So, between Covid-19 and Google - we are entering into a new era of education. We have unprecedented abilities to change and improve the way we teach and learn. As Dawn Lerman and Falguni Sen wrote in the Times Higher Education (THE) website last April, "Could the coronavirus force positive change in higher education?". They argue that we "need to build on the speed and enthusiasm with which academics have embraced online teaching" though doing this in colleges where "only a handful of faculty previously taught online is no small task". This was easily accepted because back in March/April we all thought it was a temporary measure of just a few weeks - and we didn't really have a choice.
Now we are all faced with at least a semester being delivered online, and possibly a full academic year - colleges/universities everywhere are boosting their online teaching skills with staff development programmes and training in the use of tools like Adobe Connect and Microsoft Teams. As Lerman and Sen write, converting a course for online delivery is "time-consuming work", and my own experience confirms this. Incoming students will have high expectations of Technology Enhanced Learning and the abilities of their lecturers to deliver.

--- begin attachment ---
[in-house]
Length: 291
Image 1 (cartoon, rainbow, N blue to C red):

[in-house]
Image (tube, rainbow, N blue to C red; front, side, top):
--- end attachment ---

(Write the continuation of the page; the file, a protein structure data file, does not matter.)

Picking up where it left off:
I disagree with Lerman and Sen's claim that "Academics are notoriously slow to change" just because we "teach the same courses year after year". I believe we have changed and adapted to the new environments. Nobody expects us to change from classroom to online delivery perfectly overnight. A brilliant lecturer in a theatre may struggle with virtual classrooms, while others may thrive online.
Thankfully, new and younger academics entering a career as a lecturer will be far more technology efficient than academics of my generation. I predict that they will all have to deliver at least some of their lectures/classes online, and that on-line teaching ability will be just as important as lecturing, carrying out research, and publishing papers. Get ready for this!